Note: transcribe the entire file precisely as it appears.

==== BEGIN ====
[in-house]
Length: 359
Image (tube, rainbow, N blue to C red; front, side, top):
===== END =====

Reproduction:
[in-house]
Length: 359
Image (tube, rainbow, N blue to C red; front, side, top):